Why Recurring Fees Could Kill Your Practice

Businessman sleeping with a giant dollar bill for a blanketFight the complacency trap.

By Martin Bissett
Business Development On a Budget

As you know, the traditional accounting firm model is firmly based on the reality of recurring fees that come in from clients every year. We can rely on these and forecast accurately how much revenue they bring in which hopefully covers overheads and direct expenses of the business.

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This is a good thing, right? Well, maybe not as much as you think.

That’s because having those recurring fees you can count on makes it seem less critical to go out and win new work. It’s a safety net that takes away from the hunger for new work, and that hunger is a vital element of success in selling professional services. We need to want to impress, to demonstrate our value, to help people, to understand how we can assist and support them in their businesses.

Have you ever joined a gym? If so, you probably had a specific goal in mind as to how you wanted to improve your fitness, so you went to the gym several days every single week and worked hard. But what happened when you achieved your first goal? Now that you simply wanted to maintain a certain level of fitness, didn’t your attendance drop off dramatically?

That’s what often happens when accounting firms rely on recurring fees the hunger for winning new business drops off, and there’s no impetus to go out and work for it.

It may seem counterintuitive to think of regular income as a challenge, but it is a challenge to the process of going out and proactively winning new business. How do you focus on this when you already have enough money coming in to at least keep you in business?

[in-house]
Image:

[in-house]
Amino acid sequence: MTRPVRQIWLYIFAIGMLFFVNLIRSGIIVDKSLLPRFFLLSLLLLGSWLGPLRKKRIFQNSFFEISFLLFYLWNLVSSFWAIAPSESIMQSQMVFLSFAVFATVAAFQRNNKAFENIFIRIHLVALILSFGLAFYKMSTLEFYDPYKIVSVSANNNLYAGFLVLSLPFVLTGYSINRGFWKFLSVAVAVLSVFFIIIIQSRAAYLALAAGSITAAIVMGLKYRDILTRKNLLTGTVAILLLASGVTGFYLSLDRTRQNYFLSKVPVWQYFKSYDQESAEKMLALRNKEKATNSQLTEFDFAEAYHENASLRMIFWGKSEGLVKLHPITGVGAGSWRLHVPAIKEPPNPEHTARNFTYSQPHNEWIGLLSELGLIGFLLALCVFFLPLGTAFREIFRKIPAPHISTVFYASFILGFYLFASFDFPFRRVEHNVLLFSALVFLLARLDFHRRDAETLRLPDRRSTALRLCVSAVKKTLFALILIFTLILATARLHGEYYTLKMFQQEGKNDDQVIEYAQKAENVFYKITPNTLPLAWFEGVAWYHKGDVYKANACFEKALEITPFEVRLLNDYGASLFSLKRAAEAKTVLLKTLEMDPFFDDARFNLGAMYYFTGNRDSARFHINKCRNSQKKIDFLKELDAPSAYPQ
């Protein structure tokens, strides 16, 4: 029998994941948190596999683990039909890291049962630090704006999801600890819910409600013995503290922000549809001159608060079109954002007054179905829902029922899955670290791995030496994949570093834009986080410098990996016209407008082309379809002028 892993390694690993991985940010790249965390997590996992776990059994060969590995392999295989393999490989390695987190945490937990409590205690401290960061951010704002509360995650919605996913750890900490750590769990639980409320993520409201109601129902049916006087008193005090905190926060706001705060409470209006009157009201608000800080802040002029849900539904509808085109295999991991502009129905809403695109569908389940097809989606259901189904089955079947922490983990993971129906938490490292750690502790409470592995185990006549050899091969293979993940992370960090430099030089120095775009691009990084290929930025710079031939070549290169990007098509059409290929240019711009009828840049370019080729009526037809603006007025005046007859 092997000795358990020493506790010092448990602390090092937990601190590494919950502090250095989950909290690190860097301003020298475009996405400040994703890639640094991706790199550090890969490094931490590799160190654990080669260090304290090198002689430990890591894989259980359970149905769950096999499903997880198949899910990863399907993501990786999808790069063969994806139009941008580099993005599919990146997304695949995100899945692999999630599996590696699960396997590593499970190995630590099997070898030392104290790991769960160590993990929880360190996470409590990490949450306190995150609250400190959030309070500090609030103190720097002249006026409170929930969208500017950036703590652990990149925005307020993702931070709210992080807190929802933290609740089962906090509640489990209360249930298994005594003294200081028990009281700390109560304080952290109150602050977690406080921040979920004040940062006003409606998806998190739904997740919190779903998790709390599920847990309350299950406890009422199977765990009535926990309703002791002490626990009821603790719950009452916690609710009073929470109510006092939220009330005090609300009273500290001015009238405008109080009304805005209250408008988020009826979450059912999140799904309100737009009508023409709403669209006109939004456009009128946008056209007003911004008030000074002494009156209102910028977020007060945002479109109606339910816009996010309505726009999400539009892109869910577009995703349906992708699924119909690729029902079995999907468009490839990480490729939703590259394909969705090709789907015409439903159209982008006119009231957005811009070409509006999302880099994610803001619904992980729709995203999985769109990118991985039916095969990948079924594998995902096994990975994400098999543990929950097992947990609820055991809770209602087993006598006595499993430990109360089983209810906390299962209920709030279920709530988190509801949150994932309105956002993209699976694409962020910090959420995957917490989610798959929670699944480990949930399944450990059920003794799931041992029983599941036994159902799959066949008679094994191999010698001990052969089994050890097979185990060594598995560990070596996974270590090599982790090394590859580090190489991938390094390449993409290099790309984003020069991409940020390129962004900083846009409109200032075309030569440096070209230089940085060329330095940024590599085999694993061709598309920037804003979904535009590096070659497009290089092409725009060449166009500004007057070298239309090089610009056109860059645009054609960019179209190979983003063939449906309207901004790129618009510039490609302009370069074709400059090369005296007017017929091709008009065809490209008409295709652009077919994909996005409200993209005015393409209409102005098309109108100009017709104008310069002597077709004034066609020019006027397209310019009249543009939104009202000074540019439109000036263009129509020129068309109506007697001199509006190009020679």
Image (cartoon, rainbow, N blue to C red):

The best way is to take the focus away from the need to make money, and put it on the desire to help business owners achieve their goals. Whether your prospective client’s aspirations are personal or professional, focus on those aspirations and soon you’ll be getting a buzz of satisfaction from bringing your technical and business expertise to helping your clients have the success they want.

If you are doing this work just for the money, then the fact that you have recurring fees will create the malaise that afflicts many so-called “successful” accounting firms whose recurring fees are enough to pay the bills. Firms who gain the advantage are those who change their approach to one of helping businesses. Will that be you?

Business Development Tasks

  1. Identify where your career as leader of a professional services firm gives you the most satisfaction.
  2. Identify three things you can do to increase the time you spend in your most enjoyable professional pursuits.
  3. Schedule specific, non-interruptible time in your diary to switch your focus from only money, to how you can be of service to your clients.